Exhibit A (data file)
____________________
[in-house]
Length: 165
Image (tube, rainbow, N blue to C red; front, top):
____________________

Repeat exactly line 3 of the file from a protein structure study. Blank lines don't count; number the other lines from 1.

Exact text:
Image (tube, rainbow, N blue to C red; front, top):